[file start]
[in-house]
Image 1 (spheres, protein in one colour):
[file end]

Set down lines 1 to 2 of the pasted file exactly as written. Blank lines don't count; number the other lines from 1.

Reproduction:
[in-house]
Image 1 (spheres, protein in one colour):